BY DHAAR MEHAK M. and ATHAR A BHAT
As autumn is filling our hearts and rooms with its bounties, in all thankfulness we must remember that this is a knell to the winter. The season of winter is steadily approaching and each bountiful passing day of autumn brings us closer and closer to the cold and freezing days.
Nothing matches the beauty of Kashmir in winter and at the same time there indeed are unparalleled sufferings faced by the common people. Talking in terms of statistics, 72.62% of Kashmir’s population resides in rural areas.
As the majority of people are up-keeping and breathing in the countryside, the proportion of masses having less access to basic amenities is larger as compared to the people using the same in urban areas.
One of the very fundamental and persistent problems in the region of Kashmir has been the ironic shortage of electricity. And especially the frequent ‘burning’ of the transformers in every second locality.
Despite huge potential of hydro-power electricity generation, Kashmir throughout its rural and urban pockets is faced with the grave problem of electricity shortage.
This problem is even so more troublesome during winters and in the dipping temperature. Ironically the estimated hydro-power potential of Jammu and Kashmir is 20,000 Megawatts (MW).
This comprises 11,283 MW in Chenab basin, 3,084 MW in Jhelum basin, 500 MW in Ravi Basin and 1608 MW in Indus basin. On the contrary, only 3,263.46 MW, which is about 20% of the identified potential of 16,475 MW is currently being generated.
About 16% of the estimated potential of 20,000 MW has been gainfully exploited until now. As the energy demand has been growing gradually creating a wider demand-supply gap the pressing need in the region for the further exploration of this resource has been mounting.
The pattern of electricity demand and use across the region is nowhere close to the actual allotment by the department. An end to this persistent inconvenience faced by masses might not be an easy task to attain.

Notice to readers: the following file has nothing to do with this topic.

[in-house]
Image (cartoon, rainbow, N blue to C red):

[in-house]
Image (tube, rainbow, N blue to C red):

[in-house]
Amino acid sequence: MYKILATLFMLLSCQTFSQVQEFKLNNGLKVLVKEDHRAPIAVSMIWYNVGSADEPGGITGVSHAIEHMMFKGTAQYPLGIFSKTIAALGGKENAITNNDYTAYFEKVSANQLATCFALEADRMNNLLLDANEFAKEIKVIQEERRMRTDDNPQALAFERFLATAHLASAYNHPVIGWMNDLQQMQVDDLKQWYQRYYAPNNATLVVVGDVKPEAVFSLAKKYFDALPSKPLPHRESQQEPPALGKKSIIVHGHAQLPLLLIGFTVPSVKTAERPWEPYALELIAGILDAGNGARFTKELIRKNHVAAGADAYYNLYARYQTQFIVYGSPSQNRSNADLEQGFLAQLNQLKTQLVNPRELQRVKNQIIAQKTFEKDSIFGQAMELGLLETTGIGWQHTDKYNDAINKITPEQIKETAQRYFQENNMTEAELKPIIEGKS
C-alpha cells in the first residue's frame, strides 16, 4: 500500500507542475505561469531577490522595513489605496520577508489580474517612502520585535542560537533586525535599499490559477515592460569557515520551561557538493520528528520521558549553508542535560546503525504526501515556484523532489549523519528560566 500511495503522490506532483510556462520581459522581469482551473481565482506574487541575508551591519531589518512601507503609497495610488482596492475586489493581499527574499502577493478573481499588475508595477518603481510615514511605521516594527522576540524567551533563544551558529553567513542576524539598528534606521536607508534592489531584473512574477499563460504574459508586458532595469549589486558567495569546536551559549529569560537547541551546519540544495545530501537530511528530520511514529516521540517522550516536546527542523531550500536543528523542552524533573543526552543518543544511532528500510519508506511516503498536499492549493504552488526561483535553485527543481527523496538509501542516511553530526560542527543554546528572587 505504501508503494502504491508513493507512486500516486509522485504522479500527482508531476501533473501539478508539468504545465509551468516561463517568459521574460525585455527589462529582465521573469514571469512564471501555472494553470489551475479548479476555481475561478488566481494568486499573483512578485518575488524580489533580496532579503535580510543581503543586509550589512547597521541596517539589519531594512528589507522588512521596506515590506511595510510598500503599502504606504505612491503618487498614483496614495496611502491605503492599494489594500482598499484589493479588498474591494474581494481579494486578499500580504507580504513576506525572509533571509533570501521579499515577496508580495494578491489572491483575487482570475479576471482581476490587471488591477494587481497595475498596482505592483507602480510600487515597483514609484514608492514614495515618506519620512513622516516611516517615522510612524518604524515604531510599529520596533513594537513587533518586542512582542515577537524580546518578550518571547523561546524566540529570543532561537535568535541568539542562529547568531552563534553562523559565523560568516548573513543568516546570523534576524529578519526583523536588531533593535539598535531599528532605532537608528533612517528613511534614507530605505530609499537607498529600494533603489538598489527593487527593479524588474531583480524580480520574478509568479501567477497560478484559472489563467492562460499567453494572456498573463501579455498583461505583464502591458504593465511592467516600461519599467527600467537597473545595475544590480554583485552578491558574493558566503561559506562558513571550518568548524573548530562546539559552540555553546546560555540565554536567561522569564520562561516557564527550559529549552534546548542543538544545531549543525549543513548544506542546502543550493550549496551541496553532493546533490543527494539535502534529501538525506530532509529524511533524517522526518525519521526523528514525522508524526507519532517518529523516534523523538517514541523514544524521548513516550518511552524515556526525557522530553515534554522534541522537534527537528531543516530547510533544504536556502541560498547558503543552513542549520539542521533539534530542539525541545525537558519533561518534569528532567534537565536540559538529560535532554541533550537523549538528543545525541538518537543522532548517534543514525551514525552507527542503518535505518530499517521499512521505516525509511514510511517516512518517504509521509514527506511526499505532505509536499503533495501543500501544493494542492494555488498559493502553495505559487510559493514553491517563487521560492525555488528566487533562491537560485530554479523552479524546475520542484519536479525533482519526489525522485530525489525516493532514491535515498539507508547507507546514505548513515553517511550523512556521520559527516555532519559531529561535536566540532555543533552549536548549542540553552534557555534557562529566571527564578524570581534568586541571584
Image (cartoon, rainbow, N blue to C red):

However, to every problem there is a bunch of solutions looming just around! Since, a novel solution can’t be proposed, found or discovered at the very dawn of the approaching winter; we attempted to find a minimax solution by observing the behaviour of some women in order to analyse their psyche in light of the electricity accessibility, uses and outcomes.
Most of the utility that women tend to derive from electricity is through the cooking chores. Women especially from our average households try their best to save every ounce of cooking gas and instead wait for the moments and seconds to do bits and pieces of cooking using the celebrated ‘heaters’ that run on the ‘Imran’ heating coil! The average power consumption of one such coil is 2000W.
These coils/heating elements work on the basic principle of ‘resistance’. If we are to increase the heating capacity of the resistor, we simply increase the length of the element, the roots of which can be traced to a simple law of physics called as the ‘law of resistance’.
In winters due to low voltage, this law of physics is put into practice by almost every household and we tend to witness a surge in power consumption of the same element consuming 2000W in summer to 3000W in winter.